Evidence of direct nociceptive projections from the spinal cord to the hypothalamus and telencephalon

Glenn J. Giesler

Research output: Contribution to journalReview articlepeer-review

12 Scopus citations


Many nociceptive neurons in the spinal cord of rats project directly to the hypothalamus. The axons of these neurons cross into the contralateral spinal cord and ascend through the posterior thalamus before entering the contralateral hypothalamus. The majority of these axons decussate again in the posterior optic chiasm, enter the ipsilateral hypothalamus, turn posteriorly and descend into the ipsilateral thalamus, midbrain, and in some cases, pens and even medulla before terminating. A smaller number of spinal neurons project directly to several telencephalic areas including the amygdala, nucleus accumbens, septal nuclei and the frontal cortex. Each of these direct projections to the hypothalamus and telencephalon may contribute to nociception.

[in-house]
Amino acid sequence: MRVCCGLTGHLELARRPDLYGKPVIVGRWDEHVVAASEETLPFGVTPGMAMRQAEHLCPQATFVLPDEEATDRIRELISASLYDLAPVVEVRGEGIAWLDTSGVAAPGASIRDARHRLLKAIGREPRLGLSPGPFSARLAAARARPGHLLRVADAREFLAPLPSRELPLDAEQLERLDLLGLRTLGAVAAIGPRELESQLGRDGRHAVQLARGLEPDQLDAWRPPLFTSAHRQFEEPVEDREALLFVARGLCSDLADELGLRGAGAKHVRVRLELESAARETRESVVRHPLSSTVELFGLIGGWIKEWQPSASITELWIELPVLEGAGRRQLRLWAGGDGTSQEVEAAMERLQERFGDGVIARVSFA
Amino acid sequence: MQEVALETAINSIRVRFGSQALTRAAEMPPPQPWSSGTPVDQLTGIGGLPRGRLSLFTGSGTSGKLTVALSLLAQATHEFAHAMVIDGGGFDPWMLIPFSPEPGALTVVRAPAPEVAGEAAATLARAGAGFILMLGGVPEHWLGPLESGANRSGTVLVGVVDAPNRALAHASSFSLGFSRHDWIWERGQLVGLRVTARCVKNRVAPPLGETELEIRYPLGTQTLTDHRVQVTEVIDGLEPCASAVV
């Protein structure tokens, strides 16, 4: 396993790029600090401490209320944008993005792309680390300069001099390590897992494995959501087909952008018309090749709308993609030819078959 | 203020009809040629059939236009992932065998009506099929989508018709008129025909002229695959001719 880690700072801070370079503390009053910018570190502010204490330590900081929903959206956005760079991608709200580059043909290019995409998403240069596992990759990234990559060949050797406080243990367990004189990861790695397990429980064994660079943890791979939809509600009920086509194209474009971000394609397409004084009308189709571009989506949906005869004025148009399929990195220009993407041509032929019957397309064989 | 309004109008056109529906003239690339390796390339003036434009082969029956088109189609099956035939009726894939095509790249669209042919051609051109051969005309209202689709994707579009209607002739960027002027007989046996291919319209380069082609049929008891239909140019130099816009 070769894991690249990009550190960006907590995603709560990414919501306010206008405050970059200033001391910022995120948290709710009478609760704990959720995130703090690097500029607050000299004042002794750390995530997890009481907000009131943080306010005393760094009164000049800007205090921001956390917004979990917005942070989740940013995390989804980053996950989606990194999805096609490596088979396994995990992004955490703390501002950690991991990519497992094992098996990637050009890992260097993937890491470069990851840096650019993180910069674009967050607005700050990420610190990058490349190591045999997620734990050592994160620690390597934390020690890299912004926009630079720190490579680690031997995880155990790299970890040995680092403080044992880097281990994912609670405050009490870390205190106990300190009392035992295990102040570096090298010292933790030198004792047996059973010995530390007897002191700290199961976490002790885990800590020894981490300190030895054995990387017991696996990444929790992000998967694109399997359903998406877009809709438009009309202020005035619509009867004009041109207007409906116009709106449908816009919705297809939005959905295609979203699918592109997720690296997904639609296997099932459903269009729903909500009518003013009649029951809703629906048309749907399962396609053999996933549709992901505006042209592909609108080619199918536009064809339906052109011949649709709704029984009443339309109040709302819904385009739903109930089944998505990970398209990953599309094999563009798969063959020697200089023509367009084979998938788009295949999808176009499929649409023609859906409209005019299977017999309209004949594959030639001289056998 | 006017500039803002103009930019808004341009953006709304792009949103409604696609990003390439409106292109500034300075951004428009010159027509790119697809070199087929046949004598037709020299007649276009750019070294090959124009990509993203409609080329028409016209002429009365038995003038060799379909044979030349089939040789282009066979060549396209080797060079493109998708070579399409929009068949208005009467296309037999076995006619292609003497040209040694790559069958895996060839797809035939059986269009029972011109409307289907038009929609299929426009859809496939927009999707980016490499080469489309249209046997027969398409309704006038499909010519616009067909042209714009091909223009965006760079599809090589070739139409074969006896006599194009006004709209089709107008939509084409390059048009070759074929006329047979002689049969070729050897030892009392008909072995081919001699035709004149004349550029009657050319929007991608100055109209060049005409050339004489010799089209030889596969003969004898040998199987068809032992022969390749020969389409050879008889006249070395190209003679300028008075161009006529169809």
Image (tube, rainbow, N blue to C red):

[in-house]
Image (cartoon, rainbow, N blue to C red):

Original languageEnglish (US)
Pages (from-to)253-261
Number of pages9
JournalSeminars in the Neurosciences
Issue number4
StatePublished - 1995

Bibliographical note

Funding Information:
I am grateful to Drs R Burstein, KD Cliffer, RJ Dado and JT Katter, E Kostarczyk and X Zhang who participated in many of the studies described here. This work was supported by NS25932.

Copyright 2017 Elsevier B.V., All rights reserved.


  • Hypothalamus
  • Limbic system
  • Nociception
  • Pain
  • Spinal cord


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